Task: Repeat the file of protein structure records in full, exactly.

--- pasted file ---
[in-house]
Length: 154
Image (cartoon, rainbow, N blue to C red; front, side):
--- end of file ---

[in-house]
Length: 154
Image (cartoon, rainbow, N blue to C red; front, side):